"Intimacy carries its own horrors, you see. Expectations coupled with the most intense of judgments, choices limited by a thousand thousand demands until answering them becomes habit. I've often considered how a relationship resembles a horse and its rider. The parent, like a jockey, squats upon the child's back and gives directions. Words and actions are like reins. All the power that an adult has over a child functions essentially as does a bit. Family traditions like blinders over the eyes. Pity the vast majority, Mr. Johnston, who never throw their rider off, who don't manage to jump the fence. It isn't easy. The rider, after all, has a crop. And even the best of them use it." Suddenly, Marko Branzer stopped. He lifted one hand to his cheek, a look of astonishment on his face. His eyes opened and stared at his fingers as they came away.

Oh dear God. The man was crying. Johnston looked around him, seeing if a box of kleenex or something might be nearby. His clients weren't usually so emotional. Finally, he remembered some were in his least-used drawer, the bottom left. He opened it, reached in and took out an unopened box of tissues. Soon, his fingers had removed the top. He turned to his client.

The chair was empty. The door finished closing. In the air a trace of scented tobacco lingered.


Don't know if I succeeded or not. Perhaps you'll let me know?

Here is the list of participants to the July Blog Chain:
CScottMorris: http://cscottmorrisbooks.com/
Aheïla: http://thewriteaholicblog.wordpress.com
AuburnAssassin: http://clairegillian.wordpress.com/
Collectonian: http://collectonian.livejournal.com/

DavidZahir: http://zahirblue.blogspot.com/
IrishAnnie: http://superpenpower.blogspot.com/
Anarchicq: http://anarchicq.com/
Proach: http://everythinghistorical.wordpress.com/
devero: http://mysticcrossroads.wordpress.com/
bri ness: http://briallison.blogspot.com/
hillaryjacques: http://www.hillaryjacques.blogspot.com/
LadyMage: http://www.katherinegilraine.com/
M.R.J. Le Blanc: http://libraryofandunien.blogspot.com/
Mariekeme: http://www.mariekenijkamp.com/
aimeelaine: http://www.aimeelaine.com/writing/blog
Lyra Jean: http://lyratorres.wordpress.com/
Fokker Aeroplanbau: http://rightfarright.blogspot.com/
Irissel: http://irissel.blogspot.com/
CowgirlPoet: http://frontnotes.blogspot.com/
Alpha Echo: http://writersramblings81.blogspot.com/
cryaegm: http://enigmainklings.blogspot.com/


10 comments:

C Scott Morris said...

I can see the beginnings of Motivation there, and definitely some history. But I am not certain this portrays him in a Sympathetic light.
I had a similar problem with my scene. I was able to show my antagonists motivations, but making them seem likable was rather difficult.
The tearful bit at the end helped, but his dialogue had perhaps a bit too much vitriol?
Just my observations.

Aimee Laine said...

The getting of a tissue did it for me. :)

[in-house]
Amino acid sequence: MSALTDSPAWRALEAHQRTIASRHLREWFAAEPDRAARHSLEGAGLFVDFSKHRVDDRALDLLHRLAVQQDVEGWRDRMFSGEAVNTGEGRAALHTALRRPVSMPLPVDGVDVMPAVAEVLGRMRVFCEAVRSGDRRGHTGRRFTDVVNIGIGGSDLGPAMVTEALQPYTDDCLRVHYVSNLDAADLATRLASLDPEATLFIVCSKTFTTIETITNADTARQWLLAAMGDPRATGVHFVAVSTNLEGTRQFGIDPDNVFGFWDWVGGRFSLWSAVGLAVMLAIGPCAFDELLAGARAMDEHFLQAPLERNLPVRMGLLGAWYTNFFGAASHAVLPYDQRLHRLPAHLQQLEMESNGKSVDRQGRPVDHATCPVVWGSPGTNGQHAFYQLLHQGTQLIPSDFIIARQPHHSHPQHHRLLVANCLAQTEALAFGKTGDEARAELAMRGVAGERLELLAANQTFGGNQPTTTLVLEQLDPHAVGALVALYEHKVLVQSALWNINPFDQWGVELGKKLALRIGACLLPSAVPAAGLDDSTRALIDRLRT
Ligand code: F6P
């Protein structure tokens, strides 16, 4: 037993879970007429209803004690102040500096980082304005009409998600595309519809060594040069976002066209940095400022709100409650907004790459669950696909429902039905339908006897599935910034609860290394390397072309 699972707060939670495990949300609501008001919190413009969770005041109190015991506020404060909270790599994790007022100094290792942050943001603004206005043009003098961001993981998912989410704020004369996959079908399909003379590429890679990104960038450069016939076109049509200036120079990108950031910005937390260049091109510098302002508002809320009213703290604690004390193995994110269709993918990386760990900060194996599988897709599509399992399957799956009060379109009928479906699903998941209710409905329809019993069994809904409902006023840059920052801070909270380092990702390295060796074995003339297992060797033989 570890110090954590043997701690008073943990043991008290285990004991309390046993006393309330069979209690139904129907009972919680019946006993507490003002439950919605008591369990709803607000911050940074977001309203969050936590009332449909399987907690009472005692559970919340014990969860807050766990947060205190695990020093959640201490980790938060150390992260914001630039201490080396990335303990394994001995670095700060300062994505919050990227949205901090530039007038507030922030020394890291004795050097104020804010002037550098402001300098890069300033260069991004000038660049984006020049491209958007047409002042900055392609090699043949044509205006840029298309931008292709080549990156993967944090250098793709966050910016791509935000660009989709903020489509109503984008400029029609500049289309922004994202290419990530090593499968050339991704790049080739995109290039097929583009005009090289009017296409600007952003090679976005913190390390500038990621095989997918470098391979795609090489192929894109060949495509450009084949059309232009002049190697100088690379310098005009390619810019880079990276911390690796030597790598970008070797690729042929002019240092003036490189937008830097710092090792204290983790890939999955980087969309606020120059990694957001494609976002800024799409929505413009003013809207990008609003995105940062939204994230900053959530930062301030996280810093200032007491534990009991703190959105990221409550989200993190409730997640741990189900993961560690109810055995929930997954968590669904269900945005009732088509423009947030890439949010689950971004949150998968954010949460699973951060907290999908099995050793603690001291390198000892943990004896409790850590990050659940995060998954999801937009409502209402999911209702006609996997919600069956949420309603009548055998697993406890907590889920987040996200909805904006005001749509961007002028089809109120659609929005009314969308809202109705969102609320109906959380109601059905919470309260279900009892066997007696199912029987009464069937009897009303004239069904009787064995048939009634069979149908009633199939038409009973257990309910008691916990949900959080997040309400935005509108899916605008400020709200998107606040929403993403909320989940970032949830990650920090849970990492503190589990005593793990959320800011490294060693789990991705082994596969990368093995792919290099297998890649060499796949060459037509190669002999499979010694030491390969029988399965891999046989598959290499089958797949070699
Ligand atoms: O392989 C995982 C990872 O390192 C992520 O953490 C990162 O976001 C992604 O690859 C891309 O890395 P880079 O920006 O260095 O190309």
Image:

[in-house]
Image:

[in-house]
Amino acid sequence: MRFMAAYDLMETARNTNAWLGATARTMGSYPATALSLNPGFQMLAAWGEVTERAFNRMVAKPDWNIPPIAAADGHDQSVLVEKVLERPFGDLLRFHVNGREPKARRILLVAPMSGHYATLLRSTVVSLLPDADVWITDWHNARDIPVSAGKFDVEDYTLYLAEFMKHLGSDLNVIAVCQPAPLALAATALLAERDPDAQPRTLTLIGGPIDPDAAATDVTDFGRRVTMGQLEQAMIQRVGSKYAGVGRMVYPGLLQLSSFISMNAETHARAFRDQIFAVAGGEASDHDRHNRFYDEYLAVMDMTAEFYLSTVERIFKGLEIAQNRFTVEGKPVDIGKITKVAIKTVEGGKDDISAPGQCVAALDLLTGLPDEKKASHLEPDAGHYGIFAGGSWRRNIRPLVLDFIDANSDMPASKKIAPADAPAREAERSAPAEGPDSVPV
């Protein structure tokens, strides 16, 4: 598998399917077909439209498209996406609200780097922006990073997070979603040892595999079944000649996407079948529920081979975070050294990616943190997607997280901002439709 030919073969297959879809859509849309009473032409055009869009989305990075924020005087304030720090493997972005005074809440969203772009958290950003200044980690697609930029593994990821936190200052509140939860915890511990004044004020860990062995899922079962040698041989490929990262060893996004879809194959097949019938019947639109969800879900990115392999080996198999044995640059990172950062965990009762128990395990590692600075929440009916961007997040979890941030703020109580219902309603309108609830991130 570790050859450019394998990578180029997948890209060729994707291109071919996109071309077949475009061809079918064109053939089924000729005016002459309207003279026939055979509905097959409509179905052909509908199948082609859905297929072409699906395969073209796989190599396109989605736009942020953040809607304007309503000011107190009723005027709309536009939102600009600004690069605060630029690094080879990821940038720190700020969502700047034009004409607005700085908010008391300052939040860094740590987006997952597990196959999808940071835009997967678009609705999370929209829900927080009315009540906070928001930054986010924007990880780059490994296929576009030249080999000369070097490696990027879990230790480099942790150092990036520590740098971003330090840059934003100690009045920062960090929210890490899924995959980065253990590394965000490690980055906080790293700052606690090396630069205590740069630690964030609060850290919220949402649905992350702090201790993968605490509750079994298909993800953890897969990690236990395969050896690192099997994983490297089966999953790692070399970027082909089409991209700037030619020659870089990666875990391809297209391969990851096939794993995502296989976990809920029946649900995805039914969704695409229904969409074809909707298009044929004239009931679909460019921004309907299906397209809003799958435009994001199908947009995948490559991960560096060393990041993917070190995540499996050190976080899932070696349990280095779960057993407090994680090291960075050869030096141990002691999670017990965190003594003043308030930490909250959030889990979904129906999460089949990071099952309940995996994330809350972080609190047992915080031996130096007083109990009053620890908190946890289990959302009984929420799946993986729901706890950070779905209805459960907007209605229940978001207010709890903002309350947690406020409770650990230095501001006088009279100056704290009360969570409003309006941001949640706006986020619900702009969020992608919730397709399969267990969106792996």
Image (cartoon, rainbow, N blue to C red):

Marieke said...

I agree, the last bit did it for me :) I still don't think he's likeable as such, I would say the conversation is a bit too clinical for that, but some emotion did wonders.

Hillary Jacques said...

Branzer's astonishment at his own emotions was evocative, certainly an interesting moment for the character, but if this month's prompt hadn't been for showing a character in a sympathetic light, the word "sympathetic" wouldn't have occurred to me. I was amused by Johnston's arrogance within his internal assessment of Branzer's arrogant.

Amy said...

Not likeable, but definitely sympathetic. (Am I wrong to differentiate the two?)

Tavia said...

hah, I liked him. in the context that he was all a bad guy should be like. :)

mysticcrossroads said...

I agree with Amy, not likable, but sympathetic. You don't have to like someone to sympathize with them or their plight. You truly get a feel for his views of emotion and connectivity and without being too obvious. I understand where he is coming from and why he is so cut off from the rest of the world in terms of emotion and that allows me to sympathize with him.

I think some people are getting sympathize and empathize mixed up. You don't have to like him, you just have to get him and realize that he is not all evil and/or there are reasons for his behavior.

Well done indeed!

Amber J. Gardner said...

Interesting scene. The dialogue really captured my attention. I like this Marko guy, felt for him even. Not sure I like the Jothnston guy though lol.

- Amb the Creative

April said...

I agree that there's emotion there, but I find it hard to have any sympathy for him. Then again, I'm a hardass and don't easily find sympathy for the bad guys. :)

clairegillian said...

I could totally see Toby Stephens in that piece, Dame Maggie Smith's son, correct? Very well written, the visuals described were so clearly done.